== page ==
Clown Killer Clown Killer 7:54 am 20 Nov 10

Pork Hunt, you won’t see one. The amount of alcohol in cough medicine, Christmas cake, liqueur chocolates etc is insufficient to raise the blood alcohol level – unless you were using those substances to deliberately try and get intoxicated. Let’s say you had a dose of cough medicine, then immediately got into the car and at the end of your street were pulled over for a random breath test. That test may come up positive (on account of residual alcohol in your mouth), but the follow up test 30 minutes later wouldn’t.

LSWCHP, as a rough guide – if you feel hung over, there’s a good chance your still above 0.000.

Clown Killer Clown Killer 7:46 am 20 Nov 10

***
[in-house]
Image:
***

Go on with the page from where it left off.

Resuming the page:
The new changes look good – I particularly like the tightening up of access to restricted licenses.

What I don’t buy is the argument run by Standope that ACT drivers go DUI at twice the rate of other cities. This seems a tad spurious given the fact that he’s made statements before about the ACT Policing policy of specifically targeting known drink-driving trouble spots. Assuming that policy was successful then you would expect to be getting a better bang for your buck – in this case a higher strike rate of drivers who are DUI.

Zilog Zilog 7:04 am 20 Nov 10

Stanhope is an un-mitigated twit.

Compared with NSW, ACT police bother to target it. NSW police assiduously avoid antagonising licensed premises. Kickback anyone?

Two. The ACT has FEW arterial roads; unlike a chaotic urban design, there are no “side streets” one can avail oneself of.

Once again, an ABJECT TWIT!

goose goose 6:23 am 20 Nov 10

All licences should have a ZERO limit.